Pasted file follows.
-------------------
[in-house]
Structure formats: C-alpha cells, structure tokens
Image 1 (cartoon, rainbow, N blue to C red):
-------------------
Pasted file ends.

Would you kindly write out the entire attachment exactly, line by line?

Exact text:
[in-house]
Structure formats: C-alpha cells, structure tokens
Image 1 (cartoon, rainbow, N blue to C red):